Anyone who transitions from kidhood to adulthood loses their innocence. For most folks, I suppose it’s a gradual thing. Losing innocence is not the same as becoming a rebellious teenager. Most parents rue the day when their charming child went to bed as a sweetness and light angel and woke up the next morning as a fire breathing, bloodsucking, obnoxious sub-human beast. Losing one’s innocence is different. It is mostly is a private matter. It’s not shared with or noticed by friends, parents, relatives, teachers. No one, really. It doesn’t hit like an onslaught of hormones. It can sneak up like ground fog subtlety muting a child’s Technicolor world. And the fog never ever quite clears completely. Welcome to the grown-up world.
At school, there were gray days ushered in by spirit-dampening bullies. To be sure, there were fights and hurt feelings and trips to the principal’s office that temporarily knocked the hue out of our full-color world. But all of this occurred within out kid-centric crystal bubble. The color always came back. Like all my kid companions I’d had glimpses of the world beyond. Through our protective bubble we could see enticing yellow brick roads that led to Oz and wicked witches, flying monkeys and deceitful people. We knew there were mean people. Tyrants. Murderers. They were in the papers, in schoolbooks and on the news. I’d even been to a funeral. I saw my grandmother laid out, still, white and serene and seen people crying over the finality of it all. I watched as a woman pounded out a mournful Rock of Ages on the pump organ at a white clapboard church in Friend, Nebraska, while people silently wept and dabbed tears from their eyes with white handkerchiefs. Still, it was somehow removed from me. I was a spectator. When the funeral was over, people ate, laughed, smiled and went on with their lives. The color returned as it always had. My grandmother’s funeral was in the summer of 1957. I was nine years old.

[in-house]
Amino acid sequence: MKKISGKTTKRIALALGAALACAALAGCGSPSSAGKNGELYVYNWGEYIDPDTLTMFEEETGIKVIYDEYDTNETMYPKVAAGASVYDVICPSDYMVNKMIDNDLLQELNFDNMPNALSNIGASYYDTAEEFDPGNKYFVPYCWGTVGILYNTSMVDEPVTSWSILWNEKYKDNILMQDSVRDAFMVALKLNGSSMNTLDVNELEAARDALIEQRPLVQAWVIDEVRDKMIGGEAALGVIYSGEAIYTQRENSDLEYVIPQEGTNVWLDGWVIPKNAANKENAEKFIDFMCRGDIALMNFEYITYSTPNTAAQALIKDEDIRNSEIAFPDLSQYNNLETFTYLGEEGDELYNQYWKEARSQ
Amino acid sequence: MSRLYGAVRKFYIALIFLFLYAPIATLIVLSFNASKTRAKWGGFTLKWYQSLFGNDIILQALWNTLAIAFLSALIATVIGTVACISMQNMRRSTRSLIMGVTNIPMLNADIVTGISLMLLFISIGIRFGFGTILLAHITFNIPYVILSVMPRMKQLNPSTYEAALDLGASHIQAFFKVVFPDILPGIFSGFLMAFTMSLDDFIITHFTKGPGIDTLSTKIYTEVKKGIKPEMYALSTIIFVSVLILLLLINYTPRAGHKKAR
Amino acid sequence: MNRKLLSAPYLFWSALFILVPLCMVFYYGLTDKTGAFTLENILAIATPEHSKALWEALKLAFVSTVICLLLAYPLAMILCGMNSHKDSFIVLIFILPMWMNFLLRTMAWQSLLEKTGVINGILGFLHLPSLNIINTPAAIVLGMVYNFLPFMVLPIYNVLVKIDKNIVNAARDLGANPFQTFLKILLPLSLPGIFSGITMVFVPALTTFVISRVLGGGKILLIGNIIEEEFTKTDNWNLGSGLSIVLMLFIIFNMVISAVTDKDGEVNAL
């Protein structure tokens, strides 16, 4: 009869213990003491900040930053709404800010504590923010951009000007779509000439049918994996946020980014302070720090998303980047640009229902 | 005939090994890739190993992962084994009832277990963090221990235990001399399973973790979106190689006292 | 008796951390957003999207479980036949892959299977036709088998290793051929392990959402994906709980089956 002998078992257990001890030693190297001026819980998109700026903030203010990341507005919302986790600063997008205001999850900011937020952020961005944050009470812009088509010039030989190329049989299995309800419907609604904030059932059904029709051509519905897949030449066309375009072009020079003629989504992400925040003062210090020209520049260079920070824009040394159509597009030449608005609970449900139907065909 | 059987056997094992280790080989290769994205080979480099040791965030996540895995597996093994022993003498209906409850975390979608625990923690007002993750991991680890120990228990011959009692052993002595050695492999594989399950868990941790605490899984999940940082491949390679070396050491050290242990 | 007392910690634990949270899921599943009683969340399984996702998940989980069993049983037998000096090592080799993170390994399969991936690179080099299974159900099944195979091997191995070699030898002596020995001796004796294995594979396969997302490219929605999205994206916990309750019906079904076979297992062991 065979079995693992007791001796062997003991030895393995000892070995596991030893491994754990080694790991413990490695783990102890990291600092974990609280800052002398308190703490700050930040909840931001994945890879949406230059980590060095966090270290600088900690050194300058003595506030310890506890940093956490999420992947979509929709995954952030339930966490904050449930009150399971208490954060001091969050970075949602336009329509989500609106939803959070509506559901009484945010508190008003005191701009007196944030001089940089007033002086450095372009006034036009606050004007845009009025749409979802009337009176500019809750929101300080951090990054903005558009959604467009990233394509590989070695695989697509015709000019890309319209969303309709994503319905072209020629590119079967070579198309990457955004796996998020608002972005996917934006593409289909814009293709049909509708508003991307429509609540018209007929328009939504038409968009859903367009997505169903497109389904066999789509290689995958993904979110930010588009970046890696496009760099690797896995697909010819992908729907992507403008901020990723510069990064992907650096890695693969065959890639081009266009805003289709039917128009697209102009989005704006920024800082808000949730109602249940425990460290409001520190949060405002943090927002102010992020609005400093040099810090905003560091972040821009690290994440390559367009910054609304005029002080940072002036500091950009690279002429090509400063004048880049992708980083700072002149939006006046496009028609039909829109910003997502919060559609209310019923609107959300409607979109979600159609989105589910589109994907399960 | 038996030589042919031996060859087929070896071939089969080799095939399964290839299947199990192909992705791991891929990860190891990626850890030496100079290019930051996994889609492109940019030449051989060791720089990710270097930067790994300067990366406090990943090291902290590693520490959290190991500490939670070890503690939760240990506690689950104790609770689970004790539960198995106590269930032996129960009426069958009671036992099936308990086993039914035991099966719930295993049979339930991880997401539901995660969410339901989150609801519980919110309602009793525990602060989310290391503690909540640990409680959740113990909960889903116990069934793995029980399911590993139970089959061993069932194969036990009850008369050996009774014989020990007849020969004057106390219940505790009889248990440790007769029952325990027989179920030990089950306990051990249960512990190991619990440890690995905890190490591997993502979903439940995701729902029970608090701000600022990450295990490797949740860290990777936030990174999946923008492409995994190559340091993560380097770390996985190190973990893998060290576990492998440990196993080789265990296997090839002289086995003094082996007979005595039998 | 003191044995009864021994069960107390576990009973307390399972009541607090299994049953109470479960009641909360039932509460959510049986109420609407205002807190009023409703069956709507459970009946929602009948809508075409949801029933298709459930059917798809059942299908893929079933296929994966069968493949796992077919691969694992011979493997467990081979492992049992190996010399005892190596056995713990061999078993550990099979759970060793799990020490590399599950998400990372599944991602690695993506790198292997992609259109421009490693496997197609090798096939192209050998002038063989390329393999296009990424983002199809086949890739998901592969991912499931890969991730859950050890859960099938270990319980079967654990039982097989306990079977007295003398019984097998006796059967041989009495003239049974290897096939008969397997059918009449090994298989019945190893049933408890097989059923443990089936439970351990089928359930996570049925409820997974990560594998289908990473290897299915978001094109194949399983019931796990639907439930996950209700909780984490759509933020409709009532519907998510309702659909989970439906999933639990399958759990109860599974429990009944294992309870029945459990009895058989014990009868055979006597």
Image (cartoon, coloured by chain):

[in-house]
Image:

By December of that year the first seeds of the end of my innocence were sown. In safe, clean, white-bread Lincoln, Nebraska, a troubled young man and his 14 year-old girlfriend would do some terrible things. Horrible, unthinkable things. Things that took all the color away.
In the early morning hours of December, 1st 1957, unemployed garbageman, Charles “Charlie” Starkweather pulled a cap low on his head, tied a bandana on his face and marched into a gas station with a canvas bag and a 12-gauge shotgun. He ordered the twenty-one year-old station attendant Robert Colvert to open the cash drawer and put the $100 or so into the canvas bag. Starkweather then had Colvert drive him off to a friend’s house. Upon arriving at the house Starkweather killed Colvert with two blasts from the shotgun.
Murder was an uncommon event in Lincoln and the local media treated the robbery-murder as major news. Local authorities thought the crime was probably perpetrated by a transient, which lessened the tension somewhat. Still, people were on edge. A little more cautious than usual. Front doors, screen doors, backdoors and car doors that were never locked clicked closed. By Christmas, things returned to normal. New Years tallied up the usual number of drunk drivers and misdemeanors. The first three weeks of January were uneventful. Christmas break was over and the three Keister boys resumed their classes at Hawthorne Elementary School. All hell would break loose on January 21, 1958.